Science Enabled by Specimen Data

Hamer, M., M. Kgatla, and B. Petersen. 2023. An assessment of collection specimen data for South African mountain plants and invertebrates. Transactions of the Royal Society of South Africa: 1–19. https://doi.org/10.1080/0035919x.2023.2200742

South Africa is considered a megadiverse country, with exceptionally high plant and relatively high animal species richness and endemism. The country’s species have been surveyed and studied for over 200 years, resulting in extensive natural science collections and a vast number of scientific papers and books. This study assessed whether existing data portals provide access to occurrence data and investigated the extent of the data in Global Biodiversity Information Facility and its completeness for plants and selected invertebrate taxa. The main focus was preserved specimen data, but some observation data from iNaturalist were also considered for selected analyses. Records that include species-level identification and co-ordinates were mapped in QGIS to show the coverage of collection localities across the country. The records that fall within the mountain range spatial layer were then extracted and counted to identify density of records per mountain range for various taxa. Forty percent of plant records are from mountain localities, and the Atlantic Cape Fold Mountains had the highest density of records. Table Mountain has been extensively collected for plants and invertebrates. A large proportion of the records for invertebrates lacked species-level identification and co-ordinates, resulting in a low number of records for analyses. The accessible data are only a relatively small subset of existing collections, and digitisation and data upgrading is considered a high priority before collecting gaps can be addressed by targeted surveys.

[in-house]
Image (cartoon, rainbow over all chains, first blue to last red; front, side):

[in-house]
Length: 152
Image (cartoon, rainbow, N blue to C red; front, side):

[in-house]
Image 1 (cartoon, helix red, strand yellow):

Sánchez, C. A., H. Li, K. L. Phelps, C. Zambrana-Torrelio, L.-F. Wang, P. Zhou, Z.-L. Shi, et al. 2022. A strategy to assess spillover risk of bat SARS-related coronaviruses in Southeast Asia. Nature Communications 13. https://doi.org/10.1038/s41467-022-31860-w

Emerging diseases caused by coronaviruses of likely bat origin (e.g., SARS, MERS, SADS, COVID-19) have disrupted global health and economies for two decades. Evidence suggests that some bat SARS-related coronaviruses (SARSr-CoVs) could infect people directly, and that their spillover is more frequent than previously recognized. Each zoonotic spillover of a novel virus represents an opportunity for evolutionary adaptation and further spread; therefore, quantifying the extent of this spillover may help target prevention programs. We derive current range distributions for known bat SARSr-CoV hosts and quantify their overlap with human populations. We then use probabilistic risk assessment and data on human-bat contact, human viral seroprevalence, and antibody duration to estimate that a median of 66,280 people (95% CI: 65,351–67,131) are infected with SARSr-CoVs annually in Southeast Asia. These data on the geography and scale of spillover can be used to target surveillance and prevention programs for potential future bat-CoV emergence. Coronaviruses may spill over from bats to humans. This study uses epidemiological data, species distribution models, and probabilistic risk assessment to map overlap among people and SARSr-CoV bat hosts and estimate how many people are infected with bat-origin SARSr-CoVs in Southeast Asia annually.

Xue, T., S. R. Gadagkar, T. P. Albright, X. Yang, J. Li, C. Xia, J. Wu, and S. Yu. 2021. Prioritizing conservation of biodiversity in an alpine region: Distribution pattern and conservation status of seed plants in the Qinghai-Tibetan Plateau. Global Ecology and Conservation 32: e01885. https://doi.org/10.1016/j.gecco.2021.e01885